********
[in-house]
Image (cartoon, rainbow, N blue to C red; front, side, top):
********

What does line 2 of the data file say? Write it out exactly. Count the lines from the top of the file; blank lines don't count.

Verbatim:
Image (cartoon, rainbow, N blue to C red; front, side, top):